DLP solutions also monitor the network and log any attempts to violate a policy, allowing them to take remediation action if necessary. In addition, these tools can detect the presence of removable devices such as USBs and external hard drives in the office environment and block access to them.
Data Breach Prevention
The pharmaceutical industry collects sensitive data, including proprietary information about patented drugs, pharmaceutical advances, and patient information. When that information is breached, it can potentially cause several serious issues.
For example, a security breach could risk the public’s trust in pharmaceutical companies. It can also lead to the loss of intellectual property and revenue.
Cybersecurity has become a significant concern for the pharmaceutical industry in the past decade. As a result, pharma companies are putting their data protection strategies in place to protect them against attacks.
With more pharma companies using digital platforms to improve patient outcomes and streamline their operations, they are exposing themselves to new cybersecurity risks. Cybercriminals are increasingly targeting the healthcare sector, and they want to exploit companies’ sensitive data to steal trade secrets, patents, and other intellectual property.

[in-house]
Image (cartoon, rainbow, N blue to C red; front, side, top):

One of the biggest pharma security threats is cybercriminals who use ransomware to extort money from affected businesses. Sometimes, it can lead to intellectual property theft, resulting in millions of dollars in lost profits.
As a result, pharma companies must ensure their security strategies align with the latest industry trends and regulations. This will help them avoid the high costs and disruption that cyberattacks can cause.
Incident response is a process that includes detecting and responding to security events, such as cyber attacks or data breaches. It can help reduce the impact of an incident, prevent the loss of sensitive information and a company’s reputation, and mitigate financial losses.
Incident responders must be able to quickly assess the severity of a security event and prioritize their efforts accordingly. They also need to have the ability to scale up as required for more significant incidents.
For instance, a superficial virus infection can require minimal resources, while a data breach could have an extensive investigation and long-term remediation.
Fortunately, most of these issues can be prevented with proper prevention measures and proactive security strategies. Moreover, it is essential to maintain a regularly tested incident response plan.
Preventative measures include maintaining a secure network, limiting user access to sensitive data, and educating employees about the risks of security threats. Monitoring user behavior for signs of suspicious activity and taking necessary action is also crucial.
Pharmaceutical companies should develop and maintain an incident response plan based on a risk assessment and network diagrams. These plans should be updated as threats evolve and new exploits are discovered. They should also be integrated into the organization’s incident command system to facilitate the unified response of multiple teams.